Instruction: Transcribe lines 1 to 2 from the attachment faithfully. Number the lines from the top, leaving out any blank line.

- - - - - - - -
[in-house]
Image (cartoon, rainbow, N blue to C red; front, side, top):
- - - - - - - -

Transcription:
[in-house]
Image (cartoon, rainbow, N blue to C red; front, side, top):